James Moore: Waiting for a soothing balm is, well, barmy

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The Independent Online

Disaster! Abandon ship. And please, turn out the lights when you leave, you at the back. This was the City's reaction to yesterday's official figures on public borrowing.

In the current, febrile climate, almost any data that comes out on the wrong side of its forecasts is greeted by prophecies of doom.

Yesterday's figures were very much on the wrong side of those forecasts, with the general trend looking awful.

The Office for Budgetary Responsibility expected the Government to lower its deficit by £3bn in the current financial year. That forecast might well have to be revised somewhat – we are currently £6.5bn behind last year's running total.

This has led Ernst & Young's Item Club to predict that ministers will need to find savings of £11bn to hit the forecast.

Perhaps that's why David Cameron has been touting ideas such as throwing anyone under 25 who is finding it tough to get a job right now (which is most of them) a cheap sleeping bag and a sack of Big Issues instead of housing benefit.

See, it isn't just a cynical attempt to sound like a born-again Thatcherite. But kicking sand in the face of a generation that is already on its knees won't stop the overshoot.

It is going to happen, and perhaps Mr Cameron and ministers should just let it.

Long term, Britain's budget deficit has to be tackled.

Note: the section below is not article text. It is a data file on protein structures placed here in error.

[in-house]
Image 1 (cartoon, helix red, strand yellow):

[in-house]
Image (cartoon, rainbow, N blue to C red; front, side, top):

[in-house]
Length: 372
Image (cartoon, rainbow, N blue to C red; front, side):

But the strategy of taking some pain and toughing it out while the global economy provides soothing balm is scarcely tenable any more. That soothing balm has now been replaced by caustic soda from the eurozone.

A sensible government might respond to that by easing the fiscal noose around the economy's neck, albeit with some reassuring words for the markets from the Chancellor about tightening up again when the outlook is happier.

Certain economists would still cry foul and predict all manner of gloomy consequences.

So what's new? If action is not taken soon, the economy may very well confirm their worst fears for them anyway, including those about public borrowing.

Let them squeal, our sensible, pragmatic administration might say. Plan A's not gone away. It'll be back when the economy's back. Such decisiveness would stand in stark contrast to the eurozone's drift into a death spiral.

Unfortunately, the only time the current Government shows any such gumption is when the tabloids kick up a stink about fuel prices. Or when millionaires and their lobbyists argue that being "in it together" must mean tax cuts for them.

Let them squeal, our sensible, pragmatic administration might say. Plan A's not gone away